Tumour–stromal interactions in acid-mediated invasion: A mathematical model

Natasha K. Martin, Eamonn A. Gaffney, Robert A. Gatenby, Philip K. Maini

Research output: Contribution to journalArticlepeer-review

55 Scopus citations


It is well established that the tumour microenvironment can both promote and suppress tumour growth and invasion, however, most mathematical models of invasion view the normal tissue as inhibiting tumour progression via immune modulation or spatial constraint. In particular, the production of acid by tumour cells and the subsequent creation of a low extracellular pH environment has been explored in several 'acid-mediated tumour invasion' models where the acidic environment facilitates normal cell death and permits tumour invasion. In this paper, we extend the acid-invasion model developed by Gatenby and Gawlinski (1996) to include both the competitive and cooperative interactions between tumour and normal cells, by incorporating the influence of extracellular matrix and protease production at the tumour-stroma interface. Our model predicts an optimal level of tumour acidity which produces both cell death and matrix degradation. Additionally, very aggressive tumours prevent protease production and matrix degradation by excessive normal cell destruction, leading to an acellular (but matrix filled) gap between the tumour and normal tissue, a feature seen in encapsulated tumours. These results suggest, counterintuitively, that increasing tumour acidity may, in some cases, prevent tumour invasion.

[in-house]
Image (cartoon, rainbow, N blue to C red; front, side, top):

Original languageEnglish (US)
Pages (from-to)461-470
Number of pages10
JournalJournal of Theoretical Biology
Issue number3
StatePublished - Dec 2010
Externally publishedYes

Bibliographical note

KAUST Repository Item: Exported on 2020-10-01
Acknowledged KAUST grant number(s): KUK-C1-013-04
Acknowledgements: Grant Support. NKM: This publication was funded by the National Cancer Institute, NIH grant U56CA113004. EAG: This publication is based on work supported in part by Award No. KUK-C1-013-04, made by King Abdullah University of Science and Technology (KAUST). PKM: This work was partially supported by a Royal Society-Wolfson Research Merit Award. RAG and PKM: This work was partially supported by NIH grant 1U54CA143970-01.
This publication acknowledges KAUST support, but has no KAUST affiliated authors.


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